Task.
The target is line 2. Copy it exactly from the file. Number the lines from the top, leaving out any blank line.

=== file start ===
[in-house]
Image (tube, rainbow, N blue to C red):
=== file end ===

Image (tube, rainbow, N blue to C red):